Building a resilient EOSIO API service

EOSIO applications are dependent on EOSIO API endpoints where they send transactions and retrieve blockchain information. It is important that such API endpoints are reliable and fault-tolerant.

nginx and haproxy are two software products that are used often to build resilient load balancers. So far my best experience is from using them both at the same time:

  • nginx is great at SSL offloading and HTTP request routing. It can also serve as a buffer between slow client connection and fast responding server. Letsencrypt certificates work out of the box with nginx. Also it supports request mirroring (more details below).
  • haproxy is great at active monitoring of backend services. It also allows executing external scripts for checking the backend health. Also it allows dynamic disabling/enabling of backends, so they can be easily taken off the service for maintenance.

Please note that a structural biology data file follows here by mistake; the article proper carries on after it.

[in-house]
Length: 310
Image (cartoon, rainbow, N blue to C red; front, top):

So, the best scenario that worked for me is having nginx as front end, proxying the HTTP requests to haproxy that is listening on a localhost address. Haproxy is then distributing the requests to multiple nodeos processes and using my healthcheck script to verify that the nodes are in sync with real time.

It is important that all hosts are synchronizing their time with NTP.

nginx has also a mirror module that can be configured to replicate all push_transaction requests to some other host. There’s still a bug in nodeos that is difficult to identify: once every few months, it can stop forwarding transactions to its p2p neighbors. So, such mirroring may improve the transaction reliability. Still there are rare chances that your local node processes the transaction slower than it’s distributed by p2p network, and the original request would get an error because of duplicate transaction.

I made also a few Nagios plugins that can also be used with Icinga, and the “watchdoggiee” plugin is checking this bug condition. It sends a transaction through a specified node, and checks its result via another API. If the transaction does not propagate, the monitoring system can issue a restart command for the node.

Telegram: cc32d9, EOS account: "cc32dninexxx"

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